Plaintiff sued for injuries resulting when an automobile which defendant was driving and in which plaintiff was sleeping left the highway. There was evidence that defendant suffered retrograde amnesia and could not recall the circumstances of the accident. The court, instructing on res ipsa loquitur for plaintiff, told the jury that it might infer negligence from the fact that the automobile inexplicably left the highway. The court also instructed that, if the jury believed that defendant suffered a loss of memory, defendant was presumed to have exercised due care. Verdict for defendant. Plaintiff contended that instruction on the presumption of due care was improper in a res ipsa loquitur case because of the difficulty that the jury would have in weighing an inference of negligence against a presumption of due care. On appeal, held, affirmed. The defendant is not to be deprived of the presumption of due care ''because of the difficulty jurors would encounter in determining the relative weight of an inference that a thing is black and a presumption that it is white." Scott v. Burke, (Cal. App. 1952) 239 P.(2d) 14 at 16.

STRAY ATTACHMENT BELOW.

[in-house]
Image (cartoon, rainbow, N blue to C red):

Bernard A. Petrie S.Ed.,
EVIDENCE-PRESUMPTIONS-PLAINTIFF'S RES IPSA LOQUITUR AGAINST DEFENDANTS PRESUMPTION OF DUE CARE,
Mich. L. Rev.
Available at: https://repository.law.umich.edu/mlr/vol51/iss2/12